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Guatemalan indigenous need rights protected, UN official says

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Due to human rights violations affecting the indigenous peoples of the country, Guatemala risks becoming “ungovernable” according to the U.N. official in charge of indigenous rights after a visit in June.

These problems revolve around the lack of indigenous rights to prior consultation, as well as territorial and civil rights in Guatemala according to James Anaya, the United Nations special rapporteur on the situation of human rights and fundamental freedoms of indigenous people. Anaya (along with the Inter-American Commission on Human Rights) also specifically mentioned that the Marlin Mine, owned by Goldcorp of Canada, was a source of many serious pollution allegations and was recently closed due to these problems.

Anaya conducted a series of interviews with Guatemalan government officials, indigenous leaders and other community members, business owners, mine owners, and human rights activists in the second week of June. The Guatemalan government and Native activists invited Anaya to visit after another turbulent year that included more accusations of communities not being consulted before businesses were opened in their territories as well as state and mining company violence against Mayan communities along with more reports of severe pollution and subsequent health problems.

“In the course of my visit I could identify a climate of high instability and social conflict relating to the activities of businesses in traditional territories of the indigenous people of Guatemala,” Anaya wrote in his initial report.

“I don’t believe that I am mistaken in saying that this perception is shared by all of the interested parties, including not only the affected communities but the government, civil society and the same businesses.”

The first issue Anaya addressed in his report was prior consultation, which involves the government and private businesses asking permission from an indigenous community to conduct any commercial enterprise in that community. The most troublesome business ventures in these situations usually involved extractive industries like mining.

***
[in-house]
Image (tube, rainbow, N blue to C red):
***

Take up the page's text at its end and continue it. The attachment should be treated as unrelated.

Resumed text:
“I have received allegations that, on numerous occasions, the state has authorized licenses for the construction of infrastructures or for the exploration and exploitation of natural resources in indigenous territories without the required consultations,” Anaya said. “On top of that all of the parties agree that there is no legislative measure that regulates the consultation procedure in the Guatemalan judicial system.”

The special rapporteur asserted that the present consultation arrangement in Guatemala was “insufficient from the point of view of international standards.” He also stated that this lack of legal protections had another connotation.

“For many indigenous communities, the lack of consultation is associated with a trans-generational experience of invasion, marginalization and dispossession, along with a continued perception of lack of inclusion and participation in relation to the decisions that affect them.”

Another category Anaya addressed in his investigation and report involved territorial rights. He indicated that the Guatemalan government was not adequately dealing with indigenous rights to land and natural resources. Anaya also noted that “the absence, in the great majority of cases, of collective property titles, together with the consequences that lead to dispossession of lands during internal armed conflicts are factors. …”

In the many interviews Anaya conducted with indigenous leaders he was told that among the most serious results of the mining operations were charges of assaults, rapes and other violence perpetrated by company operatives and Guatemalan military, as well as charges that the pollution created by the mines was causing severe illness in people and death in some cattle.

“I have received direct testimony involving the contamination of rivers; of wells drying up; of diseases that affect the youngest children; of deaths of cattle; of kidnappings, attacks including death of community leaders; of forced exile; of damage and destruction of houses; of horrible violations and sexual abuse of women,” Anaya said.